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Unformatted text preview: ECE4305: Software-Defined Radio Systems and Analysis Getting Started with MATLAB, Simulink, Linux, Python, GNU Radio, and the USRP2 1 MATLAB Refresher and Simulink Introduction You will be using MATLAB and Simulink for the simulation portion of the ECE 4305 labs. This section serves as a brief refresher of MATLAB, since you have undoubedly used it in previous courses. However, you probably have very little experience (if any) with Simulink, so this section also provides a crash course in Simulink. 1.1 What is MATLAB? MATLAB is widely used in all areas of applied mathematics, in education and research at universities, and in the industry. MATLAB stands for MATrix LABoratory and the software is built up around vectors and matrices. This makes the software particularly useful for linear algebra but MATLAB is also a great tool for solving algebraic and differential equations and for numerical integration. MATLAB has powerful graphic tools and can produce nice pictures in both 2D and 3D. It is also a programming language, and is one of the easiest programming languages for writing mathemat- ical programs. MATLAB also has some tool boxes useful for signal processing, image processing, optimization, etc. 1.1.1 How to Start MATLAB Mac: Double-click on the icon for MATLAB. PC: Choose the submenu Programs from the Start menu. From the Programs menu, open the MATLAB submenu. From the MATLAB submenu, choose MATLAB. Unix: At the prompt, type matlab . You can quit MATLAB by typing exit in the command window. 1.1.2 The MATLAB Environment The MATLAB environment (on most computer systems) consists of menus, buttons and a writing area similar to an ordinary word processor. There are plenty of help functions that you are encouraged to use. The writing area that you will see when you start MATLAB, is called the command window. In this window you give the commands to MATLAB. For example, when you want to run a program you have written for MATLAB you start the program in the command window by typing its name at the prompt. The command window is also useful if you just want to use MATLAB as a scientific calculator or as a graphing tool. If you write longer programs, you will find it more convenient to write the program code in a separate window, and then run it in the command window. 1 In the command window you will see a prompt that looks like >> . You type your commands immediately after this prompt. Once you have typed the command you wish MATLAB to perform, press < enter > . If you want to interupt a command that MATLAB is running, type < ctrl > + < c > . The commands you type in the command window are stored by MATLAB and can be viewed in the Command History window. To repeat a command you have already used, you can simply double-click on the command in the history window, or use the < up arrow > at the command prompt to iterate through the commands you have used until you reach the command you desire to repeat....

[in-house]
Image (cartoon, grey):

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This note was uploaded on 01/13/2011 for the course ECE 4305 taught by Professor Wy during the Spring '10 term at WPI.
- Spring '10